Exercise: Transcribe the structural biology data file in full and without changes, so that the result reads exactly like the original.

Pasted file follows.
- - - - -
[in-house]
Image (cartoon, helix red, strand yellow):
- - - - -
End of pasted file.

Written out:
[in-house]
Image (cartoon, helix red, strand yellow):